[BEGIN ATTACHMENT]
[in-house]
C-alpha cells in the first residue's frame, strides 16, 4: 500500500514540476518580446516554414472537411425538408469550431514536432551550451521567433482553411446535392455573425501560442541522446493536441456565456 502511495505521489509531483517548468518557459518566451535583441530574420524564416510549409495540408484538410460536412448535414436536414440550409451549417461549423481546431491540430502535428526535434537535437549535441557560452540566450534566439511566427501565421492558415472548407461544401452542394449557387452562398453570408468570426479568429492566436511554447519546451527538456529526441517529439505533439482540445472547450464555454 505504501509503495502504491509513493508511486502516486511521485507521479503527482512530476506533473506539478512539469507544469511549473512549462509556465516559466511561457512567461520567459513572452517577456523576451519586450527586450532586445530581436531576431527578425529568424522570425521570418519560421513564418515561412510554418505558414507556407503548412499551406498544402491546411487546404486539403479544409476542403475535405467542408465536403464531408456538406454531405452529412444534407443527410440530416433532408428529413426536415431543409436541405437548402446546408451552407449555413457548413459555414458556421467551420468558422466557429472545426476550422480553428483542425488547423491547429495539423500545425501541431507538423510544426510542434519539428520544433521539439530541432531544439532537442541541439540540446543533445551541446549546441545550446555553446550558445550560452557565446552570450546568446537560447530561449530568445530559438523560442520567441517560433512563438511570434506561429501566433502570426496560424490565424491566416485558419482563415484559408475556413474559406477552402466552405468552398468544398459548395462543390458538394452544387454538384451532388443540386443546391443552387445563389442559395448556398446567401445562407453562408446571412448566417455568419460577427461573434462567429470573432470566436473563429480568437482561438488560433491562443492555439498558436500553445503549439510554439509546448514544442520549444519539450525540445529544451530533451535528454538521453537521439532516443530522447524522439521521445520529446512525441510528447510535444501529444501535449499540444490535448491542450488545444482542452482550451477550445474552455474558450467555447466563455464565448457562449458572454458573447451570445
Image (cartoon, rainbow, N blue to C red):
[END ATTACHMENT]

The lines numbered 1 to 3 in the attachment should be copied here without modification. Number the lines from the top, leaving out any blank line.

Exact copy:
[in-house]
C-alpha cells in the first residue's frame, strides 16, 4: 500500500514540476518580446516554414472537411425538408469550431514536432551550451521567433482553411446535392455573425501560442541522446493536441456565456 502511495505521489509531483517548468518557459518566451535583441530574420524564416510549409495540408484538410460536412448535414436536414440550409451549417461549423481546431491540430502535428526535434537535437549535441557560452540566450534566439511566427501565421492558415472548407461544401452542394449557387452562398453570408468570426479568429492566436511554447519546451527538456529526441517529439505533439482540445472547450464555454 505504501509503495502504491509513493508511486502516486511521485507521479503527482512530476506533473506539478512539469507544469511549473512549462509556465516559466511561457512567461520567459513572452517577456523576451519586450527586450532586445530581436531576431527578425529568424522570425521570418519560421513564418515561412510554418505558414507556407503548412499551406498544402491546411487546404486539403479544409476542403475535405467542408465536403464531408456538406454531405452529412444534407443527410440530416433532408428529413426536415431543409436541405437548402446546408451552407449555413457548413459555414458556421467551420468558422466557429472545426476550422480553428483542425488547423491547429495539423500545425501541431507538423510544426510542434519539428520544433521539439530541432531544439532537442541541439540540446543533445551541446549546441545550446555553446550558445550560452557565446552570450546568446537560447530561449530568445530559438523560442520567441517560433512563438511570434506561429501566433502570426496560424490565424491566416485558419482563415484559408475556413474559406477552402466552405468552398468544398459548395462543390458538394452544387454538384451532388443540386443546391443552387445563389442559395448556398446567401445562407453562408446571412448566417455568419460577427461573434462567429470573432470566436473563429480568437482561438488560433491562443492555439498558436500553445503549439510554439509546448514544442520549444519539450525540445529544451530533451535528454538521453537521439532516443530522447524522439521521445520529446512525441510528447510535444501529444501535449499540444490535448491542450488545444482542452482550451477550445474552455474558450467555447466563455464565448457562449458572454458573447451570445
Image (cartoon, rainbow, N blue to C red):